20+C+M+B+20Today’s Word: 20+C+M+B+20’ as in… Chalking.

We’re still in the Epiphany season. It’s okay if that’s new news. It hasn’t been on my front burner either. Not like Advent and Christmas were front and center. Much of our culture got a running start on Thanksgiving, jumped right over Advent into Christmas, then briefly paused on New Year’s Eve, and is now leaning heavily into Valentine’s Day. After the chocolate is gone, it’s on to March Madness.

Epiphany began on January 6 and stretches into the gray days of mid-winter, right up to February 23, the Sunday before Ash Wednesday which marks the beginning of Lent. But again, let’s not get ahead of ourselves.

There is an ancient practice that is directly linked to Epiphany called “Chalking.” It seems to be making a bit of a resurgence, or at least I’m starting to notice it more; kind of like when you start noticing multiples of things after seeing just one, like when you notice red cars, or motorcycles, or perhaps even other guys wearing beautiful Carhartt shirts. “Chalking” begins either on the eve of Epiphany, January 5, or on the Day of Epiphany, January 6, when Christ followers around the world mark their door frames with this pattern: “20+C+M+B+20.”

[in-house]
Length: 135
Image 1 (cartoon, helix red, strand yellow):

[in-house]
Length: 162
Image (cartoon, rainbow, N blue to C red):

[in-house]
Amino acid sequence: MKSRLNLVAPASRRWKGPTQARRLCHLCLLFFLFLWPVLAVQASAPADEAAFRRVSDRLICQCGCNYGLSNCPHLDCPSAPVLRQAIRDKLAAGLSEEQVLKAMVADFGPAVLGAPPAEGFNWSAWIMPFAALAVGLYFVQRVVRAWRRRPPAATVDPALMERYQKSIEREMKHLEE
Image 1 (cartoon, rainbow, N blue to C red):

Let’s break that down a bit. The ‘20’ on both ends refers to the calendar year. The crosses points to Christ. The three letters refer to the initials of the Magi: Caspar, Melchior, and Balthasar, who visited Mary, Joseph and Jesus, as well as the abbreviation of the Latin blessing Christus mansionem benedicat, May Christ Bless this house.” And all of this, of course, recalls the Passover in Exodus 12 where the Israelites marked the door frames of their houses.

So why do this? It’s a home blessing that we share with those who visit. As hospitality was shown to the Magi, we’re called to show extravagant hospitality to all people as we invite the presence of God into wherever we live work and play.

What an Epiphany!


Leave a Reply

Fill in your details below or click an icon to log in:

WordPress.com Logo

You are commenting using your WordPress.com account. Log Out /  Change )

Google photo

You are commenting using your Google account. Log Out /  Change )

Twitter picture

You are commenting using your Twitter account. Log Out /  Change )

Facebook photo

You are commenting using your Facebook account. Log Out /  Change )

Connecting to %s